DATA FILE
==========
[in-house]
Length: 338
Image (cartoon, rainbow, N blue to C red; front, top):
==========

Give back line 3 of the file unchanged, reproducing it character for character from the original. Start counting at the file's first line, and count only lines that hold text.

Image (cartoon, rainbow, N blue to C red; front, top):